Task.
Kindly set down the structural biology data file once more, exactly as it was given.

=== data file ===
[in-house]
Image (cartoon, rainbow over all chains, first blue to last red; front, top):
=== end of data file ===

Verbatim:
[in-house]
Image (cartoon, rainbow over all chains, first blue to last red; front, top):